Alongside NATO, the U.S. operated its military capacity through the United States European Command (EUCOM), which oversaw the country’s operations in Africa from 1952 to 2007. Thereafter, General James Jones, head of EUCOM from 2003 to 2006, formed the U.S. Africa Command (AFRICOM) in 2008, which was headquartered in Stuttgart, Germany, because none of the 54 African nations were willing to give it a home. NATO began to operate on the African continent through AFRICOM.

Libya and NATO’s Framework for Africa

Libya after NATO bombardment

NATO’s war on Libya changed the dynamics of the relationship between the African countries and the West. The African Union was wary of Western military intervention in the region. On 10 March, 2011, the AU’s Peace and Security Council set up the High-Level ad hoc Committee on Libya. The members of this committee included then-AU Chairperson Dr. Jean Ping and the heads of state of five African nations—former President of Mauritania Mohamed Ould Abdel Aziz, Republic of Congo’s President Denis Sassou Nguesso, Mali’s former President Amadou Toumani Touré, former President of South Africa Jacob Zuma and Uganda’s President Yoweri Museveni—who were supposed to fly into Tripoli, Libya, and negotiate between the two sides of the Libyan civil war soon after the committee’s formation. The United Nations Security Council, however, prevented this mission from entering the country.

At a meeting between the High-Level ad hoc Committee on Libya and the United Nations in June 2011, Uganda’s Permanent Representative to the United Nations during that time, Dr. Ruhakana Rugunda, said, “It is unwise for certain players to be intoxicated with technological superiority and begin to think they alone can alter the course of human history toward freedom for the whole of mankind. Certainly, no constellation of states should think that they can recreate hegemony over Africa.” But this is precisely what the NATO states began to imagine.

Chaos in Libya set in motion a series of catastrophic conflicts in Mali, southern Algeria and parts of Niger. The French military intervention in Mali in 2013 was followed by the creation of the G5 Sahel, a political platform of the five Sahel states—Burkina Faso, Chad, Mali, Mauritania and Niger—and a military alliance between them. In May 2014, NATO opened a liaison office at the AU headquarters in Addis Ababa. At NATO’s Wales Summit in September 2014, the alliance partners considered the problems in the Sahel that entered the alliance’s Readiness Action Plan, which served as “[the] driver of NATO’s military adaptation to the changed and evolving security environment.” In December 2014, NATO foreign ministers reviewed the plan’s implementation, and focused on the “threats emanating from our southern neighborhood, the Middle East, and North Africa” and established a framework to meet the threats and challenges being faced by the South, according to a report by the former President of the NATO Parliamentary Assembly, Michael R. Turner. Two years later, at NATO’s Warsaw Summit in 2016, NATO leaders decided to increase their cooperation with the African Union. They “[welcomed] the robust military commitment of Allies in the Sahel-Sahara region.” To deepen this commitment, NATO set up an African Standby Force and began the process of training officers in African military forces.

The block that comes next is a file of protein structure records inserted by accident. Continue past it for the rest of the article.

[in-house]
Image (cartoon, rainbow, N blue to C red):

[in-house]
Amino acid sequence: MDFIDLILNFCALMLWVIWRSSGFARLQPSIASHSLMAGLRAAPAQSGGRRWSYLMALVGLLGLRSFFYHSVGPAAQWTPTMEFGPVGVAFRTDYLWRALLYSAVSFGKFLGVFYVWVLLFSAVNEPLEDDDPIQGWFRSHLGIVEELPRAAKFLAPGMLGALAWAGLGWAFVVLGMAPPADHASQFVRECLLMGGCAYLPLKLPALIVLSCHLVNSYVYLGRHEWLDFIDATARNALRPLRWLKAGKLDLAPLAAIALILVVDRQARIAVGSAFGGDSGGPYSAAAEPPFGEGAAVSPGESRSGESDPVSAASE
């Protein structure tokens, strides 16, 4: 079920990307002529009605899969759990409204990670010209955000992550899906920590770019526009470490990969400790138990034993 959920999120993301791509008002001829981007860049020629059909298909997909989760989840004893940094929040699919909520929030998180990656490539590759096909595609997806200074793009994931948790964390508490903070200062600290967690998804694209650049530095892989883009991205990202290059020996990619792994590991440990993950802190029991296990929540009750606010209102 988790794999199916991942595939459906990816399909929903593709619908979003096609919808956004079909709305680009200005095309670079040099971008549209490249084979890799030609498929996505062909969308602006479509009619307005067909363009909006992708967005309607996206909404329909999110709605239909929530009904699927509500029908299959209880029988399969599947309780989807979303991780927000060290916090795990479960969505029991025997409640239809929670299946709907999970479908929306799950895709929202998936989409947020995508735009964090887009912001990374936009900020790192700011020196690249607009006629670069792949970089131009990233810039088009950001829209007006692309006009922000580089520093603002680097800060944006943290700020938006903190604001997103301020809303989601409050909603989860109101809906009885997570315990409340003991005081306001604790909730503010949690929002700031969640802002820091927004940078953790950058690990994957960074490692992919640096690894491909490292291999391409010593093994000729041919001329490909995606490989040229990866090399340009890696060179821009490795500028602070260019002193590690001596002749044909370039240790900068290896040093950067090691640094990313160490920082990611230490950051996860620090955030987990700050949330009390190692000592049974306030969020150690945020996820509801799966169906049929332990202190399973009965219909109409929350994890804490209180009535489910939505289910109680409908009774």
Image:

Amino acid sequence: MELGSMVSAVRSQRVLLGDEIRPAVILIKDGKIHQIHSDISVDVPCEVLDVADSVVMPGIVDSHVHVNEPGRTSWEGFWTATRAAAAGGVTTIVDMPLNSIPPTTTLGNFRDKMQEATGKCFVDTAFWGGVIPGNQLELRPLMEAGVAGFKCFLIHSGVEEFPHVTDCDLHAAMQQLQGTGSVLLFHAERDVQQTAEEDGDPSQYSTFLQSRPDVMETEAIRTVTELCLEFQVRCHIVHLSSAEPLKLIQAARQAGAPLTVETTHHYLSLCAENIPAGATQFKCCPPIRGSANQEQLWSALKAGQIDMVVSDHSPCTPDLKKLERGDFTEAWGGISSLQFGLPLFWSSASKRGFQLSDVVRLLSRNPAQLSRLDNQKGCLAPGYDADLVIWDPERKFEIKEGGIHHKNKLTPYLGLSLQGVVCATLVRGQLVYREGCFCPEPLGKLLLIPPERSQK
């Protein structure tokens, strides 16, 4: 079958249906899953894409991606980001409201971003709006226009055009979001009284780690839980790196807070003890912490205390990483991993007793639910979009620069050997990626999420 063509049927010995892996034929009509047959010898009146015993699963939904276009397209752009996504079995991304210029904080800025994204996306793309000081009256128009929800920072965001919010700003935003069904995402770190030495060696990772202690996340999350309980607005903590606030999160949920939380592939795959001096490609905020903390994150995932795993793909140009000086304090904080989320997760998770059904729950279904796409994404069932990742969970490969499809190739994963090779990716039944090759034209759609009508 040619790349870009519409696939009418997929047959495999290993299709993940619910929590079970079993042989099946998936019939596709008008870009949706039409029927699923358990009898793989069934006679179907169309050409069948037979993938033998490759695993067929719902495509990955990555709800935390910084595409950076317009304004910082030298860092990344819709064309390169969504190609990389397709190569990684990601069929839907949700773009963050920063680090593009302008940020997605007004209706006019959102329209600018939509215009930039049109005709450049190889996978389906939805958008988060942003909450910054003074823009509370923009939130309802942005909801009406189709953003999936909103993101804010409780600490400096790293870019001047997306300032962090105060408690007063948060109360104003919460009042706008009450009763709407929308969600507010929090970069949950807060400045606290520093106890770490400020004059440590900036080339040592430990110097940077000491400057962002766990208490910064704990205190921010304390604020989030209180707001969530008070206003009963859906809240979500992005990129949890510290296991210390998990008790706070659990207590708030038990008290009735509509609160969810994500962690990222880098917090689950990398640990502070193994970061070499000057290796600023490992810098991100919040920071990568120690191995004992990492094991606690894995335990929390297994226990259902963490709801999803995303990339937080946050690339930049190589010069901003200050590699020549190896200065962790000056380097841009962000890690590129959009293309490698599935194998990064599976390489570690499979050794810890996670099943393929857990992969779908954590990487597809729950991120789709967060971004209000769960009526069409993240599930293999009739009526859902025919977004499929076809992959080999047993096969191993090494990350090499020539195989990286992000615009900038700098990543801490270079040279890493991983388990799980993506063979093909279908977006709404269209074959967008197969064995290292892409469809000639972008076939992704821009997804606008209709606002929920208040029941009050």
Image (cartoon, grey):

Meanwhile, the recent decision to eject the French military is rooted in a general sensibility growing in the continent against Western military aggression. No wonder then that many of the larger African countries refused to follow Washington’s position on the war on Ukraine, with half the countries either abstaining or voting against the UN resolution to condemn Russia (this includes countries such as Algeria, South Africa, Angola and Ethiopia). It is telling that South Africa’s President Cyril Ramaphosa said that his country “is committed to advancing the human rights and fundamental freedoms not only of our own people but for the peoples of Palestine, Western Sahara, Afghanistan, Syria and across Africa and the world.”

The ignominy of Western—and NATO’s—follies, including arms deals with Morocco to deliver Western Sahara to the kingdom and diplomatic backing for Israel as it continues its apartheid treatment of Palestinians, bring into sharp contrast Western outrage at the events taking place in Ukraine. Evidence of this hypocrisy serves as a warning while reading the benevolent language used by the West when it comes to NATO’s expansion into Africa.

This article was produced by Globetrotter. Vijay Prashad is an Indian historian, editor and journalist. He is a writing fellow and chief correspondent at Globetrotter. He is an editor of LeftWord Books and the director of Tricontinental: Institute for Social Research. He is a senior non-resident fellow at Chongyang Institute for Financial Studies, Renmin University of China. He has written more than 20 books, including The Darker Nations and The Poorer Nations. His latest book is Washington Bullets, with an introduction by Evo Morales Ayma.